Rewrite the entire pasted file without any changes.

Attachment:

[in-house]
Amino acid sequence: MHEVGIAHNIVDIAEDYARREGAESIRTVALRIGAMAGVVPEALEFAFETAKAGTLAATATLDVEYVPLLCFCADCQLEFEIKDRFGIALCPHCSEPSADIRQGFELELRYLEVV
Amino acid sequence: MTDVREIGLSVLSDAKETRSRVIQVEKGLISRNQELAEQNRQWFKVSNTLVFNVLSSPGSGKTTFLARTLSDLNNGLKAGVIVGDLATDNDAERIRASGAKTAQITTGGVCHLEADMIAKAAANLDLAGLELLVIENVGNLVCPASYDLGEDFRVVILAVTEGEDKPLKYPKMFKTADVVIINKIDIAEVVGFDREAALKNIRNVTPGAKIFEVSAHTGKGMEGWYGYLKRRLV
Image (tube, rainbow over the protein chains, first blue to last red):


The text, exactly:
[in-house]
Amino acid sequence: MHEVGIAHNIVDIAEDYARREGAESIRTVALRIGAMAGVVPEALEFAFETAKAGTLAATATLDVEYVPLLCFCADCQLEFEIKDRFGIALCPHCSEPSADIRQGFELELRYLEVV
Amino acid sequence: MTDVREIGLSVLSDAKETRSRVIQVEKGLISRNQELAEQNRQWFKVSNTLVFNVLSSPGSGKTTFLARTLSDLNNGLKAGVIVGDLATDNDAERIRASGAKTAQITTGGVCHLEADMIAKAAANLDLAGLELLVIENVGNLVCPASYDLGEDFRVVILAVTEGEDKPLKYPKMFKTADVVIINKIDIAEVVGFDREAALKNIRNVTPGAKIFEVSAHTGKGMEGWYGYLKRRLV
Image (tube, rainbow over the protein chains, first blue to last red):